Research involving University of Kansas researchers indicates heavily partisan corporate CEOs tend to bend forecasts to reflect political bias in terms of the occupant of the White House. Here, then-President Donald Trump and Democratic nominee Joe Biden debate in the 2020 campaign won by Biden. (Morry Gash-Pool/Getty Images)
TOPEKA — Corporate executives with political beliefs aligned with the person serving as president of the United States tend to express that partisan affinity with more optimistic business forecasts and disclosures, university researchers say.
Research published by faculty at the University of Kansas and San Diego State University indicated business officers, whether identified as supporters of Republican or Democratic presidents, had a propensity to inflate projections when a fan of the occupant of the White House.
“Even the most experienced financial market participants are susceptible to biases that affect their decision making,” said Mehmet Kara, a KU assistant professor of accounting. “Even CEOs, as business savvy as they might be, can get swept up in partisan euphoria.”
The scholarly inquiry resulted in publication of an article on “Political Euphoria and Corporate Disclosures” in the Journal of Accounting and Economics.
Kara and Adi Masli of KU as well as Yaoyi Xi of San Diego State found partisan-aligned CEOs used a more optimistic tone in corporate disclosures when the president also shared views of those business leaders. Given their tendency to be over-optimistic, the researchers said, the more partisan-aligned CEOs were prone to overvaluing assets and undervaluing liabilities.
Higher partisan alignment could also lead to overestimating future returns of projects and underrating the degree of potential losses, the researchers said.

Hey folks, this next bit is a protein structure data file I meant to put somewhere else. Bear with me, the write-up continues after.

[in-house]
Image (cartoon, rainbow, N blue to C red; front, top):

“They think, ‘My guy is leading the country, so everything is much better.’ Or, ‘The other guy is leading the country, so we’re all doomed.’ This focus causes business leaders to bias their forecasts and reports,” Kara said. “We found it doesn’t matter whether you’re a Democrat or Republican. If your candidate is in power, then you’re going to exhibit this type of behavior.”
The KU and SDSU researchers examined campaign finance donations to determine political allegiances. They were able to track presidential campaign donations since the 1990s by relying on information from the nonpartisan, nonprofit Center for Responsive Politics, which operates the OpenSecrets website. CRP draws upon data from the Federal Elections Commission.
They used these resources to identify CEOs who made contributions in presidential races and calculate donations to Democratic and Republican recipients.
“By chronicling this throughout time, we were able to create an index of hardcore Republican CEOs who have always donated to the Republican Party, hardcore Democrats who have always donated to the Democratic Party and ‘moderates’ who tend to be more candidate-based,” Kara said.
Previous studies had examined the influence of CEO overconfidence and the manner in which a CEO ran a company based on identification with a political party.
Kara said the new index allowed for fluctuating levels of CEO confidence over time given potential for change in presidential administrations every four years.
“Our study goes one level beyond that by examining a phenomenon where, if there’s an alignment between their beliefs and the president’s beliefs, it would influence the way in which they forecast and provide disclosure,” Kara said. “If you are someone who believes CEO decisions have tangible outcomes that affect financial markets, then that’s something important to keep track of.”
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